The SEC is about to upend your firm when it comes to cybersecurity.

Last year, the agency proposed a series of new rules, heading toward approval likely later this year. Although not yet final, they are going to shake up the ways RIAs run their businesses.

The agency has been talking about cybersecurity for some time. A decade ago, it promulgated an identity theft rule, Regulation S-ID, an expansion of rules issued more than 20 years ago obligating wealth managers to come up with procedures to protect customer records and information against threats. Last year, the SEC took enforcement actions against three large organizations, JPMorgan, UBS and TradeStation, for violating these rules.

The new rules would go much further. The SEC is worried about the “efficacy” of “industry-wide practices,” the inadequacy of “disclosures to advisory clients” about cyber risks, and potential “insider” threats. The commission also says meeting fiduciary duties requires taking steps to “minimize cybersecurity risks” and that, while cybersecurity spending may seem “considerable,” “it may nonetheless be inadequate.” More simply, protecting client data and assets is synonymous with acting in the best interest of clients.

The proposed rules would require RIAs to:

• Adopt written policies and procedures that are “reasonably designed to address cybersecurity risks”;

• Conduct an annual written assessment of cybersecurity risks;

• Self-report any cybersecurity incidents or breaches within 48 hours;

• Promptly disclose cybersecurity incidents to clients; and

• Disclose the cybersecurity risks they face, and how they “assess, prioritize, and address” them.

Notably, the SEC also asked for comments about whether industry participants should be required to have a chief information security officer and how “best industry practices” should be defined.

The new rules will likely change the way the SEC interacts with its registrants. It currently does so through somewhat regular examinations, but there are large gaps between these. The new rules would require RIAs to immediately self-report any material cybersecurity breach, regardless of whether any client information or assets were stolen.

The firm involved should expect a call or visit from regulators shortly thereafter for a targeted review of its cybersecurity policies and procedures. The examination’s starting point is that the firm was breached—and thus its cybersecurity proved inadequate, placing it at risk of an enforcement action.

The rules will also change advisors’ disclosures to clients about cyber risks. Today, such disclosures are largely non-existent. Few industry participants ever explain to clients that the custodians and brokerages they use and recommend often require the client to bear a preponderance of risk from any cyber theft loss. Nor do RIAs disclose the cyber counterparty risks involved in using their services and that, should the firm be breached, client assets and information could be stolen.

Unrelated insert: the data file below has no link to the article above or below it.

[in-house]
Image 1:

Under the new rules, RIAs will be obligated to disclose this—and much more. Firms are going to have to explain, in writing, what they are doing to protect client information and assets against cyber theft and, despite these precautions, the many risks that remain. If a firm is breached, it will have to make additional, embarrassing disclosures to all its current and future clients. For a profession that relies on client trust, this would be a devastating blow.

No one is clear on how the new rules will be enforced. In the event of a breach, the SEC will likely carefully review a firm’s earlier annual self-assessment of cybersecurity risks and the steps taken by management to address them. Additionally, although the proposed rules do not dictate specifically what a firm should do for protection—in no small part because such prescriptions would quickly become obsolete— the regulators also will likely closely examine whether the firm has followed the industry’s “best practices” on cybersecurity.

What that means precisely remains unclear. It clearly involves spending a lot more money on cybersecurity. The largest and most equipped firms will likely set the bar for the SEC’s expectations. Smaller entities will need to rely on scalable solutions and be better at informing clients. Moreover, like technology, these standards are never static and will evolve as more firms are breached and as threats change, forcing wealth managers to spend even more.

The SEC has not yet taken a position that industry participants must absolutely appoint a chief information security officer, also called a CISO, to manage cybersecurity risks, but this requirement would be consistent with its past practices. The agency has previously mandated that firms appoint a chief compliance officer, someone who could balance an organization’s conflicting desires to both maximize profits and meet regulatory obligations. There is a similar conflict now—a firm’s desire for ease of access to information contrasting with its need for robust digital protection.

Meanwhile, cybercriminals are innovating at a ferocious rate. With the use of AI-software, they can even clone voices. They are aggressively and openly copying passcodes for devices in public places and stealing them. And not a day goes by that we don’t discover new malware they’ve created.

As they develop new tactics and methods, many in the financial services industry remain asleep at the wheel, doing little to reduce risks. Even those who have stepped up their cyber defenses will likely find out that they remain unchallenging to determined cybercriminals. Soon this reality will come up against the expectations and power of regulators.

Mark Hurley is CEO of Digital Privacy & Protection ( Brian Hamburger is President & CEO of MarketCounsel Consulting ( and Chief Counsel of the Hamburger Law Firm (